Suddenly, his ears caught a sound from T’Lira’s room. Spock rose. She had been very quiet for the last few days, and Spock was secretly concerned about her. In his heart of hearts, Spock felt that Jim was the better parent to their child; he seemed to understand her instinctively, always knowing what to do for her. Spock loved her every bit as much as Jim did, but he occasionally felt awkward when he tried to address her needs.

Spock went into T’Lira’s room. “Lights ten percent,” he ordered quietly. He heard that noise again. T’Lira was crying.

Spock hurried over to the crib. T’Lira’s face was buried in one of her poly-stuffed bears, but Spock could still hear her sobs. He reached in and gently picked her up, cradling her in his arms as she sobbed softly on his shoulder. He sat down in the rocking chair Scotty had given them before T’Lira was born.

“It is all right, small one,” he said gently, smoothing the bright hair.

“No,” T’Lira sniffed forlornly. “Not supposed to cry.”

“Why not?” Spock asked her.

“Not Vulcan to cry,” she sobbed, the small body shaking.

“Small one, you may cry.” Spock held the shaking body tenderly. She wept for a few more minutes before her tears gradually subsided and she cuddled into Spock’s body.

“Not good Vulcan,” she whispered sadly at last.

Spock shifted her in his arms so he could see her face. He gently wiped away a few tears that lingered on her cheeks. “Small one, you may be any kind of a Vulcan you wish,” he informed his daughter tenderly. “I wish you to be yourself, not to pattern yourself on others.”

She thought about that. “Ok to cry?”

“Yes,” he replied softly, “if you need to. Even Vulcans cry sometimes.”

“Really?” She brightened.

“I would not give you false data,” he assured her. He gently kissed her cheek. “Are you crying because you miss Papa?” he asked, assuming that was the cause of her emotional upset.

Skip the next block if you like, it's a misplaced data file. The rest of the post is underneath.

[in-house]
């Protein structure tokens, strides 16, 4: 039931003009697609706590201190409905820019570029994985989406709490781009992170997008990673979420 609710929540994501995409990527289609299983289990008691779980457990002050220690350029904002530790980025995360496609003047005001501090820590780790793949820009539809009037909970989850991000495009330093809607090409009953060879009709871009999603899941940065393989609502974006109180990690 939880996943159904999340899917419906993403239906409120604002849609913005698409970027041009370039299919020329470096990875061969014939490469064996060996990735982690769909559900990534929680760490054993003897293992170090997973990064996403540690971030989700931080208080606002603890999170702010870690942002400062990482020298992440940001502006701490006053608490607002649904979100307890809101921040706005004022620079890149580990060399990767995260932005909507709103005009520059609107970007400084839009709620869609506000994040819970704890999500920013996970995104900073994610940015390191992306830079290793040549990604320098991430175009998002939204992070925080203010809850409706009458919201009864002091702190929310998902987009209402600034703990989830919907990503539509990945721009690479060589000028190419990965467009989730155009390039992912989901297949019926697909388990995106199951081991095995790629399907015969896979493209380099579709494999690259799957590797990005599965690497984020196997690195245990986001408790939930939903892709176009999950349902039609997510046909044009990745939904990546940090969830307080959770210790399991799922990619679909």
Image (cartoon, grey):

“No,” she sniffed, tucking her head beneath his chin. “Miss Papa, but he ok, Grumpy Bones with him. Come back soon. Crying because you miss Papa.”

Spock froze. “You…you are crying for me?” he asked.

“Yes; sa-mekh good Vulcan, not cry. But you sad, sa-mekh; me feel you being sad. So me cry.”

“Oh, small one,” Spock whispered into her hair. “I am sorry. I should have realized that you would feel my pain.” He felt like ten kinds of a fool. With her empathic abilities, of course T’Lira had picked up on his feelings. Spock realized that he was going to have to re-evaluate how he dealt with his emotions, knowing that they affected his child so severely. Burying his pain was no longer an option.

“Yes, lonesome pain,” T’Lira confirmed. She ‘listened’ for a moment. “Not so bad now.”

Spock held his daughter close to his heart. “No,” he agreed gently. “Not so bad now.”


Jim beamed back aboard the Enterprise with a deep feeling of thankfulness for freighters with captains who could be bribed. Thanks to that universally-understood truth, he’d been able to make connections and get home almost a full day ahead of schedule. Of course, it was the butt-crack of night, so both Spock and T’Lira would be asleep, but he’d be able to greet them in the morning. He nodded a good night to the Transporter Room tech and hurried to his quarters.

He tiptoed into their rooms and headed to the nursery, wanting to peek in on T’Lira before he went to sleep. But her crib was empty. Odd. I hope she’s not roaming the halls. Jim wouldn’t put it past her. Fortunately, everyone on the ship, right down to the newest ensign, knew and loved Jim and Spock’s little girl.

Jim slipped into the room he shared with Spock, wondering if he should wake his bond mate and let him know T’Lira was MIA. He stopped at the sight which met his eyes.

Spock lay on the bed on his side. Next to him, cuddled close and clutching a stuffed monkey, lay T’Lira. Both were sound asleep.

With a silent chuckle, Jim toed off his boots and crawled into bed with his family. No need for a Red Alert. Everyone was exactly where they should be.